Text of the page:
I wanna talk about my big brother Dick.
He always made me laugh;
He made everybody laugh.
Sold movie films to 20th century movie theaters.
He was an excellent salesman.
He’s gone and put into a wall at a cemetery here
Most people don’t know Dick like I do.
He was funny.
We had some aunts from Tacoma who would come down
And play cards on Saturday night.
He would make them laugh,
Things he said, things he did.
I do the same thing,
It must be inherited from long ways back.
He was almost 20 years older than I was
At a different time of life than I was
But we were joined.
He was a cool cat from Memphis.
I don’t think he ever wore a suit
H\But he was always in nice clothes
Wore loud shirts.
He used to cruise Broadway in a blue 1947 Ford;
White walls made him cool.
I’m sure he had a good time, even though I wasn’t there.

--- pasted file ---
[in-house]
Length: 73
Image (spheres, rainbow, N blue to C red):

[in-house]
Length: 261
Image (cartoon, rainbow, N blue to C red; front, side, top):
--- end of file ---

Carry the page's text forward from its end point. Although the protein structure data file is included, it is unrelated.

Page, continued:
He told me that the cops watched him,
But he was always able to avoid them.
Just a brother.
He played ball for a team called The Film Stars.
Dick played right field, and his baby brother played alongside him.
I was 12 or 13 and I held my own.
We did pretty well.
Play with what you got and be happy with what you’re doing.
I got in an accident when I was sixteen,
And he was at my bedside the whole month I was unconscious.
When I got home, he carried me into the house.
He was just a guy that everybody would like to have.
I remember the day I graduated from high school.
He took me and my mother and grandmother
to a high-end restaurant in Hollywood.
The hamburgers were only 35 cents back then.
After he retired, he went to movie theaters here in Vancouver.
One of his favorite movies was South Pacific.
The lead had a beautiful tenor voice.
What a beautiful cast they had.
I think about him in my dreams.
I see him in Hollywood, up in the stars, movie heaven.
He was the main star of my life.
You won't see his footprint on Hollywood Boulevard,
but I know that it’s there.